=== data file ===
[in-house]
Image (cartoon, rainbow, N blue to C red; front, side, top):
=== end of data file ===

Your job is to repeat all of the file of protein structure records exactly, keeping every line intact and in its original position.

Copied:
[in-house]
Image (cartoon, rainbow, N blue to C red; front, side, top):